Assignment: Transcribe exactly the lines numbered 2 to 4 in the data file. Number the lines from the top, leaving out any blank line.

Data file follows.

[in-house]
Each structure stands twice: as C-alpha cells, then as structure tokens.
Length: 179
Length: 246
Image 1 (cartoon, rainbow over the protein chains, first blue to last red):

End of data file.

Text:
Each structure stands twice: as C-alpha cells, then as structure tokens.
Length: 179
Length: 246